“Self-compassion is a more effective motivator for change than self- criticism”, Kristin Neff
Those of us with a chronic health condition are generally very critical of ourselves. Our self talk is filled with anger for not “pulling ourselves up by the boot straps”and living life in a more positive way, instead of succumbing to anxiety and depression. We often feel like failures, particularly when we hear of others who might have the same degree of suffering that we have but who appear to be doing so much better than we are. We are much more kind to others than we are to ourselves.
How often have we wondered why it is we cannot control our anxiety, deal more effectively with ever occurring pain and fatigue, stop the endless angst over our life situation and live a life that is more joyful than sorrowful? How is it that others who seem even worse off than we are appear to be so much more optimistic?
I recently visited the family doctor and the young resident (who was a very assertive and quite wonderful physician) accompanying him told me to “cut myself some slack” as she pointed out I have fibromyalgia, have had a heart attack and other health issues. I was meditating daily, exercising in spite of the physical pain, taking my meds- all that she focussed on , so I was to stop beating up on myself. In other words practice self compassion, although she did not use that language.
In my approach to fibromyalgia and chronic fatigue I take the position that we have too much empathy and compassion for others, intuitively feeling and experiencing the real or perceived pain of others while ignoring our own emotional response to this over-empathizing. I thought I knew the kinds of personality traits those of us with these conditions were prone to have but I had not yet discovered still more of the puzzle. The concept of self compassion has provided me with additional insights about the highly sensitive person, the majority of whom are women, doing for others what she will not do for herself- practicing self-kindness. It is that component which Neff describes as being “gentle and understanding with ourselves rather than harshly critical and judgemental” (p.41).
I am becoming increasingly intrigued with a search for my true self, if , in fact, that is ever possible. I understand that a difficult childhood with many fears and anxieties- the result of a highly stressful home life, and a guilt ridden, severe Catholic upbringing, produced an extremely sensitive person. I am constantly aware of uncomfortable bodily sensations that I experience every day- pain and fatigue are combined with the myriad of other symptoms that goes along with this fibromyalgia demon. Anxiety and near panic are my closest companions. My earliest memories trigger adrenalin which the amygdala and the hippocampus have imprinted on my brain (see several other blogs where I discuss these issues) and soon afterward recalling these memories I can experience these bodily sensations that are so vivid and painful. How mysteriously the mind works (if indeed we have one-I still prefer the concept of the brain which can be seen and touched).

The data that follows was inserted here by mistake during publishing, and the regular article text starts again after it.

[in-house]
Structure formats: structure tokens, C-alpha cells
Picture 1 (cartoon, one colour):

In my view fibromyalgia begins in early childhood. The memories that are stored in the cerebellum and the basal ganglia- the automatic memory and the memory of facts and events which are the function of the cortex and the hippocampus , along with the various proteins and peptides, play a part in producing memories that affect us as we reproduce them . While these painful memories have an important function in my fibromyalgia body, it is possible to acknowledge the past while living in the moment. I can train the brain to let go but it takes much practice. These symptoms from life memories are the ways in which I do not have compassion/empathy for my own self. In acknowledging my true self, I not only have physical pain but a broken heart.
Neff has written that :”Self-compassion gives us the calm courage needed to face our unwanted emotions head-on” (p.124). Along with practicing empathy for myself the technique I have been listening to almost daily this entire year is a cd of Jon Kabat-Zinn’s Body Scan. I smile to myself when I hear him say that as long as I am breathing there is more right with my body than there is wrong. On this snowy, cold, depressing end of the year day (my heart attack, my mother’s death, my fibromyalgia flare-ups did not make for a joyful 2013), I am taking what Neff calls a “self-compassion break“. I am looking for that “silver lining”.
So, in conclusion I have a suggestion to make, a practice I am about to indulge in. Neff discusses oxytocin which has been labelled by researchers “the hormone of love and bonding” (p. 47). Touching “releases oxytocin , provides a sense of security, soothes distressing emotions, and calms cardiovascular stress” (p. 49). She suggests that under stress giving oneself a hug or touching oneself by gently stroking the face or arms can release oxytocin. This is not an airy-fairy practice but one shown to be effective through research. In particular, I believe it would be a good strategy for those of us in physical pain, or experiencing stress and fear of the unknown regarding our health.
HAPPY NEW YEAR and GIVE YOURSELF A BIG HUG!